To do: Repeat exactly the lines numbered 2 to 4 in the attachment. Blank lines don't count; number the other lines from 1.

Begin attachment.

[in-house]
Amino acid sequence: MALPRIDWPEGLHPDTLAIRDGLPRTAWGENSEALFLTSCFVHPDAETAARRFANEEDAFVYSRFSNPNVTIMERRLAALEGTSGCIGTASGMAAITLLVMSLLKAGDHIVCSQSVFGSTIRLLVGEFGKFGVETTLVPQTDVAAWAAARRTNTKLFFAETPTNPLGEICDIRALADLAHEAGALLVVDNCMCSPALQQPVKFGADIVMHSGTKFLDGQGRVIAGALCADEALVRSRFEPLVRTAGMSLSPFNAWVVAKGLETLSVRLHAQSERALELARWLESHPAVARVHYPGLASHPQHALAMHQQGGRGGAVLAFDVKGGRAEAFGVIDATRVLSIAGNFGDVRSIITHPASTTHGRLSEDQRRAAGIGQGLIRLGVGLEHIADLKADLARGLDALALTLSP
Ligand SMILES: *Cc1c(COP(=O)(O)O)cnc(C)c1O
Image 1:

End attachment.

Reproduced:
Amino acid sequence: MALPRIDWPEGLHPDTLAIRDGLPRTAWGENSEALFLTSCFVHPDAETAARRFANEEDAFVYSRFSNPNVTIMERRLAALEGTSGCIGTASGMAAITLLVMSLLKAGDHIVCSQSVFGSTIRLLVGEFGKFGVETTLVPQTDVAAWAAARRTNTKLFFAETPTNPLGEICDIRALADLAHEAGALLVVDNCMCSPALQQPVKFGADIVMHSGTKFLDGQGRVIAGALCADEALVRSRFEPLVRTAGMSLSPFNAWVVAKGLETLSVRLHAQSERALELARWLESHPAVARVHYPGLASHPQHALAMHQQGGRGGAVLAFDVKGGRAEAFGVIDATRVLSIAGNFGDVRSIITHPASTTHGRLSEDQRRAAGIGQGLIRLGVGLEHIADLKADLARGLDALALTLSP
Ligand SMILES: *Cc1c(COP(=O)(O)O)cnc(C)c1O
Image 1: